• 0 avatar

      On this Mikey, I stand by you. Nothing credible about that comment. In a huge corporation, doing the job you have to do, with the tools and training you’re given, is the only responsibility you have. Bad cars, bad designs, bad tooling is about as far removed from your competence as Pluto is from the sun. The union has nothing to do with this debacle either. Those that don’t get it won’t and ignore the most obvious and spiteful idiocy is the best.

      • 0 avatar
        Big Al from Oz

        @Marcelo
        I suppose we agree to disagree.

        Everyone is responsible for the way we are.

        At work we have been in transition for a decade or so. Efficiency gains. It called quality management. First up responsibility was reduced from the lower levels at work and moved up to us at the lower levels of management and supervision. We were held accountable for deficiencies. A no blame culture arose.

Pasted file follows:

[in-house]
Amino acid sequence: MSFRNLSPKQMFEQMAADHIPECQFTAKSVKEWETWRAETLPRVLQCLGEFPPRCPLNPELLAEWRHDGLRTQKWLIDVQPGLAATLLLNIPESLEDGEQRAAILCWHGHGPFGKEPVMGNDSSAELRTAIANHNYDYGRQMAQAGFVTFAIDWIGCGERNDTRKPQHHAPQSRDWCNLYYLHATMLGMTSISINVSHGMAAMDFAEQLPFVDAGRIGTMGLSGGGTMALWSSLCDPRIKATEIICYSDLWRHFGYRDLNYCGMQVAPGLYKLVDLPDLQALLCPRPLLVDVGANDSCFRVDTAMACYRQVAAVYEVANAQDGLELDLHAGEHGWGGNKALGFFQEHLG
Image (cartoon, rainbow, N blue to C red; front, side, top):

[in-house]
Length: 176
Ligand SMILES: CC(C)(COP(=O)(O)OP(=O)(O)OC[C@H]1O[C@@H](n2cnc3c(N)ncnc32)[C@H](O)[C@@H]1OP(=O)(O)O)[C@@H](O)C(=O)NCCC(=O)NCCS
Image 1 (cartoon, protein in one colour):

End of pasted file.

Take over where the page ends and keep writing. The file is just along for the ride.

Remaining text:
Now, it’s flowing back towards the tradesman on the floor, which I think is good. But we are doing the same job now with half the numbers.

        The problem is people like myself spending decades working for the same organization makes it awkward for the changes.

        GM is the same, decades of practices by everyone is the reason why GM is where it is.

        As is shown by the latest round of news articles GM’s position is a manifestation of multiple poor decisions and poor use of resources.

        Everyone from the rank and file to the highest levels within GM are to blame.

        You might not like to apportion accountability, but this is how it’s done.

        As I’ve show GM isn’t the only company struggling by all to change direction and achieve.

        Many here just look at he piles of metal and plastic without thinking about what brings it to them.

      • 0 avatar
        krhodes1

        While I don’t think any blame can be laid on the individual union member like Mikey, the “Union” as a whole certainly had a role in GM’s uncompetitive position. If your cost structure is such that labor is costing you $1500 more per car than your competitors, you can either eat it, make no profit and slowly go out of business, or you can skimp in other ways, like quality. GM managed to do both.